Initially Guy tried to surprise the garrison with an assault on the walls, but this failed and Guy established his camp outside the city, to wait for reinforcements, which began to arrive by sea a few days later. A Danish and Frisian fleet replaced that of the Sicilians, who withdrew when they heard news of the death of William II. French and Flemish soldiers also arrived under James of Avesnes, Henry I of Bar, Andrew of Brienne, Robert II of Dreux, and his brother Philip of Dreux, the Bishop of Beauvais. Germans under Louis III, Landgrave of Thuringia, and Otto I of Guelders and Italians under Archbishop Gerhard of Ravenna and Bishop Adelard of Verona also arrived. Louis of Thuringia was able to convince Conrad, his mother's cousin, to send troops from Tyre as well. Armenian troops under Leo II of Cilicia also took part in the siege. When Saladin was informed about this development, he gathered his troops and marched to Acre, where he unsuccessfully attacked Guy's camp on 15 September.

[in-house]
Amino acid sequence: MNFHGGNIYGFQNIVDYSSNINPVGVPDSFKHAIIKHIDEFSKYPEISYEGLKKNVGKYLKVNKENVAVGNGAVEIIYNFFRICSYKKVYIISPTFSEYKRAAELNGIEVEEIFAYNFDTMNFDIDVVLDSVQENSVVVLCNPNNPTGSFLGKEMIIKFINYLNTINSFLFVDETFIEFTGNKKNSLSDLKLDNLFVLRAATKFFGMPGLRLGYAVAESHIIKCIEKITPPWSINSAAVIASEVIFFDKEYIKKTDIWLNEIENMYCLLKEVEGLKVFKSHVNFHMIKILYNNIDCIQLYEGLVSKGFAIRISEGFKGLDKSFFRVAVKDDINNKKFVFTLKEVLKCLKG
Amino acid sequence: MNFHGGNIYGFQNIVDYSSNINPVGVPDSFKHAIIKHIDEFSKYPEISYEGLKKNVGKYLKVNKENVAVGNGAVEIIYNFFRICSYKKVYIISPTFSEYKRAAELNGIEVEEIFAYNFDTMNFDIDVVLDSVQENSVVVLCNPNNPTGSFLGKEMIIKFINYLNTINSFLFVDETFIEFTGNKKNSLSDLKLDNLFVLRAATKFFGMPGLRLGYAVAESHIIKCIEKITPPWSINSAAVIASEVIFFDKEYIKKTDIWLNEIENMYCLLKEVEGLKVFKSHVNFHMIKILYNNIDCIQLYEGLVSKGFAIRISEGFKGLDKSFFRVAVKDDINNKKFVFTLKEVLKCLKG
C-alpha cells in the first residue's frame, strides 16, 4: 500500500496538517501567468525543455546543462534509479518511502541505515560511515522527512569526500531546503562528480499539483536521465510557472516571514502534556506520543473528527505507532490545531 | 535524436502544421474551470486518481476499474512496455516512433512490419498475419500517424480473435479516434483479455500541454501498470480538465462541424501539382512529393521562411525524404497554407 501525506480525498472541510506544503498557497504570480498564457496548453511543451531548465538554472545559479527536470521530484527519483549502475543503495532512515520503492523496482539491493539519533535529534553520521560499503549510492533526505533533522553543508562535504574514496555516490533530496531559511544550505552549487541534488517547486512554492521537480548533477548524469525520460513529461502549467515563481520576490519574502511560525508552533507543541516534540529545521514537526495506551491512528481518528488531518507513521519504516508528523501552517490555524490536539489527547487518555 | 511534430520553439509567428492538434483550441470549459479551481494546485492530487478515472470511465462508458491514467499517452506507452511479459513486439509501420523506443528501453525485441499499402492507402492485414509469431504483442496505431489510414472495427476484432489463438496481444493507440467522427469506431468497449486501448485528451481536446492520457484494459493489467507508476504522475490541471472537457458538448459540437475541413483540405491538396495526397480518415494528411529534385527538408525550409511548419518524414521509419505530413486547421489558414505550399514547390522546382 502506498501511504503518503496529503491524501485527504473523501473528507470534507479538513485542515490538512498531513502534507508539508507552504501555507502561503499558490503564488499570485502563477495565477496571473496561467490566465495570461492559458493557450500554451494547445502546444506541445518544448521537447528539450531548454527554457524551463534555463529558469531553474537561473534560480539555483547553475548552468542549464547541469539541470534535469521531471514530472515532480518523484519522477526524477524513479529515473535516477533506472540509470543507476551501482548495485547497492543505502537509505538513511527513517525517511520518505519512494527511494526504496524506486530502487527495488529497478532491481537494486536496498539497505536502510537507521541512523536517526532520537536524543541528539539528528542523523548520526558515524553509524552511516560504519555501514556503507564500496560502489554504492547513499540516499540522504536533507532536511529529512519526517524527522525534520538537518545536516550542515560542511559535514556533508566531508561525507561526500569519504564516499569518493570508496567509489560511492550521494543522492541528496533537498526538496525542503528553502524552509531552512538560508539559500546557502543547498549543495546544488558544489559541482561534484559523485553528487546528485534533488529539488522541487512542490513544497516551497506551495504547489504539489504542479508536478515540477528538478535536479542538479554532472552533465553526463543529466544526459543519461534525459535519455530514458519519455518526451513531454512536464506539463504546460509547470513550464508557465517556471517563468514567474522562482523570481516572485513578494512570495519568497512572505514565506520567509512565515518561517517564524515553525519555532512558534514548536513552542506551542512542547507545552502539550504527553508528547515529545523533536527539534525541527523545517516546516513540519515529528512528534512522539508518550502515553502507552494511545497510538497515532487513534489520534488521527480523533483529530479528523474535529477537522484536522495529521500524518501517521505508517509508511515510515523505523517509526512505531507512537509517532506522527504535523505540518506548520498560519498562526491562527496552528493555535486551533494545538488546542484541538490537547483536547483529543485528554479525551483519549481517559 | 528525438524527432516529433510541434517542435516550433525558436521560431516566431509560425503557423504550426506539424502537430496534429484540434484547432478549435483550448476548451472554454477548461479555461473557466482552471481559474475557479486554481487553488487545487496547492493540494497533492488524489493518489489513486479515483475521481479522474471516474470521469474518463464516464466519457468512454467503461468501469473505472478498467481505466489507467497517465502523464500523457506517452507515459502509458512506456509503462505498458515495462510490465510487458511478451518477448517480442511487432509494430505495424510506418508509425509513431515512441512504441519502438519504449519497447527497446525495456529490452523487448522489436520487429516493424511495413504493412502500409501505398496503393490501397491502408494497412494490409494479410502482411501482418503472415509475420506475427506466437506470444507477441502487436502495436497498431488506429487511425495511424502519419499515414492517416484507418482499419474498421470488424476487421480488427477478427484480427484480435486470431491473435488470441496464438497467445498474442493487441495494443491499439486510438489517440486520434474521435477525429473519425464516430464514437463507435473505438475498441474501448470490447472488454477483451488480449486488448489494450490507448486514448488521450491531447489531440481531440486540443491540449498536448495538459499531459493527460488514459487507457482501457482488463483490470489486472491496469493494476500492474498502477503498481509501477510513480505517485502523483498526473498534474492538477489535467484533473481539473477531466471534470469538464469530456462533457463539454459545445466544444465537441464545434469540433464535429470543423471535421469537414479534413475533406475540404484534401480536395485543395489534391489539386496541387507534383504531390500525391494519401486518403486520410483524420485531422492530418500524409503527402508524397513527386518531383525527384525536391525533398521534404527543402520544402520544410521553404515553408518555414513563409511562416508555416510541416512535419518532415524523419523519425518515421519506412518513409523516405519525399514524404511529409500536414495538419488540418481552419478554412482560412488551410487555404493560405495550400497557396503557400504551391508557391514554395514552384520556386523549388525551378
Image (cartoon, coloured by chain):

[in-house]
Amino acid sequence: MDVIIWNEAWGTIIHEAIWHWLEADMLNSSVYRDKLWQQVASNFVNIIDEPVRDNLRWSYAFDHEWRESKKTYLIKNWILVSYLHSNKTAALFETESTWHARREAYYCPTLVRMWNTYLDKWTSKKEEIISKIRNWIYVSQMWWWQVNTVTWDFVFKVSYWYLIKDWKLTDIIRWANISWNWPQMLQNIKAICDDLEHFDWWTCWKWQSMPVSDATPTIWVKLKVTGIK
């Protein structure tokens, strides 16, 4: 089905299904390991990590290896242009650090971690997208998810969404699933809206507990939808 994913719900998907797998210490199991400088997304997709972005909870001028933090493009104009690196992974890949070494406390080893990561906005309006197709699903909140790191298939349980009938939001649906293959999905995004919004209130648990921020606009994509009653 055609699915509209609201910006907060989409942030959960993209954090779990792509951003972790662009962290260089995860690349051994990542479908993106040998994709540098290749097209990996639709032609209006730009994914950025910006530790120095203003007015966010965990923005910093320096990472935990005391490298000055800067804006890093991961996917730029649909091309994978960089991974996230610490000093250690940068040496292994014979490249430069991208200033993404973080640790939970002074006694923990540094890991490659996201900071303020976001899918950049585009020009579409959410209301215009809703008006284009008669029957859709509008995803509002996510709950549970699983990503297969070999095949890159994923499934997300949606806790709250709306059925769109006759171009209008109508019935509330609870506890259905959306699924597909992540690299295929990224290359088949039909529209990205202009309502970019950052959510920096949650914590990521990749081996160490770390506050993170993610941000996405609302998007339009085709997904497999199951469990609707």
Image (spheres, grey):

Battle of Acre edit
On 4 October, Saladin moved to the east of the city to confront Guy's camp. The Crusader army had grown to 30,000 infantry and 2,000 cavalry through reinforcements by the end of September. A Christian fleet of at least 102 ships blockaded the city. The Muslim army consisted of troops from Egypt, Kurd, Turkestan, Syria, and Mesopotamia.
The Muslims lay in a semicircle east of the city facing inwards towards Acre. The Crusader army lay in between, with lightly armed crossbowmen in the first line and the heavy cavalry in second. At the later Battle of Arsuf the Christians fought coherently; here the battle began with a disjointed combat between the Templars and Saladin's right wing. The Crusaders were so successful that the enemy had to send reinforcements from other parts of the field. Thus the steady advance of the Christian centre against Saladin's own corps, in which the crossbows prepared the way for the charge of the men-at-arms, met with no great resistance. Saladin's centre and right flanks were put to flight.